Volume 10, Number 12—December 2004
Identifying Rodent Hantavirus Reservoirs, Brazil
This study describes the genetic analysis carried out on samples from hantavirus pulmonary syndrome (HPS) patients from southern and southeastern states of Brazil and rodents captured at the presumed site of infection of these patients. A total of 65 samples that were antibody-positive for Sin Nombre or Laguna Negra virus by enzyme-linked immunosorbent assay were processed by nested reverse transcription–polymerase chain reaction (RT-PCR) by using several primer combinations in the M and S genome segments. PCR products were amplified and sequenced from samples from 11 HPS patient and 7 rodent samples. Phylogenetic analysis of nucleotide sequence differences showed the cocirculation of Araraquara and Juquitiba-like viruses, previously characterized from humans. Our genetic data indicate that Araraquara virus is associated with Bolomys lasiurus (hairy-tailed Bolo mouse) and the Juquitiba-like virus is associated with Oligoryzomys nigripes (black-footed pigmy rice rat).
Hantaviruses are mainly rodentborne viruses of the family Bunyaviridae (1). Two clinical forms of infections by hantaviruses are known: hemorrhagic fever with renal syndrome (HFRS) in the Old World and hantavirus pulmonary syndrome (HPS) in the American continent (2–4). Hantaviruses are enveloped, single-stranded, negative-sense RNA viruses, with a genome with three segments, designated small (S), medium (M), and large (L). The S segment encodes the nucleocapsid protein N, the M segment encodes a glycoprotein precursor that is processed into the envelope glycoproteins G1 and G2, and the L segment encodes the RNA polymerase (5,6).
The hantaviruses that cause HPS are associated with wild rodents species of the subfamily Sigmodontinae. They are transmitted mainly by contact or through aerosols of excrete and secretions of infected rodents (7–9). Person-to-person transmission has been reported in the 1996 outbreak in Argentina, involving the Andes (AND) virus (10,11). In Chile, this kind of transmission is suggested by clusters of cases in household contacts (12).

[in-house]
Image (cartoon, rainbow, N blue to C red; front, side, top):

In Brazil, during the 1980s and 1990s, virologic and serologic studies conducted in humans and urban rodents showed the circulation of a hantavirus related to Seoul virus (13–16). In 1993, cases of an acute respiratory illness were detected in a family cluster in Juquitiba County, approximately 80 km from São Paulo City, in southeastern Brazil. Three brothers were affected by the infection, and two of them died (17,18). Necropsy material from one of them allowed the genetic characterization of a new hantavirus, later named Juquitiba (JUQ) virus, by sequencing a fragment of 139 nucleotides (nt) of the M genomic segment G2 encoding region (19). During 1995 and 1996, three more cases of HPS were confirmed by enzyme-linked immunosorbent assay (ELISA); one patient was from the central western county of Vilarejo de Castelo dos Sonhos, in Mato Grosso State, and the remaining two patients were from Araraquara and Franca counties in São Paulo State. Molecular studies carried out on samples from those HPS patients identified two novel genetic lineages of hantaviruses, Castelo dos Sonhos (CAS) and Araraquara (ARA) viruses (20). In 1998, new cases of HPS were detected: two in Minas Gerais, four cases in Rio Grande do Sul, and five in São Paulo State. Since then, an increasing number of HPS cases have been diagnosed annually in many states of Brazil. By March 2004, 342 HPS cases had been diagnosed on the basis of characteristic clinical syndrome, epidemiologic data, and Ig (immunoglobulin) M and IgG serologic response against Sin Nombre (SN), Laguna Negra (LN), or AND virus antigens by ELISA (9,21). Some of these cases were also diagnosed by immunohistochemistry. Most of the HPS cases occurred in the southern and southeastern states of Brazil (177 and 113, respectively). Paraná reported the highest number of cases (n = 92), followed by São Paulo (n = 59), Minas Gerais (n = 54), Santa Catarina (n = 50), Rio Grande do Sul (n = 35), Mato Grosso (n = 33), Maranhão (n = 7), Pará (n = 4), Goiás (n = 3), Rio Grande do Norte (n = 1), and Bahia (n = 1) (M. Elkhoury, pers. comm.).